Schools are a place in which discrimination unfortunately exists but should not. Typically, the stories one hears are of students discriminating against each other. Rarer are reports of employees being discriminated against. Two former teachers of a California Christian school are filing claims for wrongful termination due to religious discrimination.
The two teachers allege that they were wrongfully discharged because they refused to provide a document confirming that they held certain religious beliefs. The document had to have been signed by a pastor in order to prove that the two teachers went to a certain church. The private school is owned by a certain church, and the school claims that the teachers needed to have been a member of that church or an approved church in order to remain employed.
The school and church previously attempted a lawsuit against the two teachers, but it was dismissed supposedly because of issues with jurisdiction. The school officials are said to be planning for an appeal. The school claims to have the constitutional right to screen employees based on religious affiliation.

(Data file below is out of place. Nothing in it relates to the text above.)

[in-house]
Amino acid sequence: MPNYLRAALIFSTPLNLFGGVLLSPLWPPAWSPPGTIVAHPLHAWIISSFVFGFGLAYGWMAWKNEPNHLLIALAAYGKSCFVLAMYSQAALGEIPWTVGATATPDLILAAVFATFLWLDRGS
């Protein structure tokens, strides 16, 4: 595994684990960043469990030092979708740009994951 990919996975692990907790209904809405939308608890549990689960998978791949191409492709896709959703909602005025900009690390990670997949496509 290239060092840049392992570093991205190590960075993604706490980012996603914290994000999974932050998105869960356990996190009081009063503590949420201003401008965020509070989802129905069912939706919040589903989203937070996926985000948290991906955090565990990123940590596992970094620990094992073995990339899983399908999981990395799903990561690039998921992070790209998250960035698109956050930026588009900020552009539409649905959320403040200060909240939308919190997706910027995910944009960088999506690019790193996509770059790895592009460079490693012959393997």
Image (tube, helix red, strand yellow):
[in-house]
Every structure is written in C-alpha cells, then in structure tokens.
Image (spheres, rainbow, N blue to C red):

The two teachers maintain that under California’s Fair Employment and Housing Act, private schools are not exempt from the law’s prohibition of religious discrimination. In situations involving schools and employees, it can be intimidating to bring allegations against the institute for claims such as wrongful termination for the fear of being blacklisted. If the charges are not upheld in court, the two teachers could have difficulty obtaining work in the education industry. However, the teachers are exercising their right in California to bring their allegations of wrongful termination to a court. Every effort will be made to ensure a fair and unbiased proceeding.
Source: Ventura County Star, “Former teachers file lawsuit against Christian school,” June 13, 2013